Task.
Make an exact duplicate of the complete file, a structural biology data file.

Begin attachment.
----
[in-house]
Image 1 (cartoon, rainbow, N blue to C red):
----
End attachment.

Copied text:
[in-house]
Image 1 (cartoon, rainbow, N blue to C red):